While developing for Android using Unity, you could encounter a number of issues. Problems are often related to plug-ins or incorrect Project settings. This section outlines the most common scenarios and relavant troubleshooting advice.
Remove any native plug-ins you have.
adb logcat to get the crash report from your device. Consult the official Android Developer Logcat Command-Line Tool documentation for more information.
Ensure Settings > Developer Options > Don’t keep activities isn’t enabled on the device.
The video player is its own activity, and therefore regular game activity will be destroyed if the video player is activated.
If Unity cannot find an Android device connected to the system, check the following:
Make sure that your device is actually connected to your computer - check the USB cable and the sockets.
Make sure that your device has USB Debugging enabled in the Developer options. For more details, refer to the Android SDK/NDK Setup page.
adb devices command from the
platform-tools directory of your Android SDK installation and check the output.
If the output list is empty and you are using Windows, you may need to install the driver for ADB devices. For more details, refer to the Android SDK/NDK Setup documentation.
If the list contains entries with the unauthorized label, you may need to authorize your computer on your device and give it permission to debug it. Check the device’s screen for the corresponding dialog.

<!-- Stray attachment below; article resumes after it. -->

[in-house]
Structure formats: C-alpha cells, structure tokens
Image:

If the list contains your device with the device label, build your Project in Unity again.
This error occurs when the Android Asset Packaging Tool (AAPT) fails. AAPT is used to build the intermediate Asset packages during Android build. This issue is most often caused by missing resources or duplicate resources in your Android plug-ins.
Check the console message for more details - it should contain the IDs of the resources that are missing or duplicates. Fix the error in your plug-ins by either adding the missing resources/settings or removing the duplicate plug-ins.
The most likely cause for this issue is that one of your plug-ins has a manifest that is incompatible with the main Unity manifest.
Check the console message for more details on which attributes are conflicting, and fix the manifests accordingly.
See the Android Manifest documentation for more details on Android manifests.
The most likely cause for this issue is that you have a Java plug-in added twice. This results in duplicate classes when Unity tries to build a DEX (Dalvik Executable Format) file from all the compiled Java plug-ins. Check the console output for the list of duplicate entries, and fix the plug-ins.
If your console messages says “Too many references”, it means that the number of fields and methods exceeded the DEX limit of 64k. This usually happens when the number of plug-ins or plug-in resources is too high. Due to the way the references are generated, the limit could be hit with just a couple of large plug-ins.
There are several ways to handle this issue. One of these is by stripping the plug-ins. However, the quickest way to fix it is to switch to the Gradle build system, or export the Project and build it in Android Studio.
This error can be caused by:
Installing to an incompatible device.
Installing to a device running a version of Android lower than the Minimum API Level in your Player settings.
Check the console for the actual error code and output.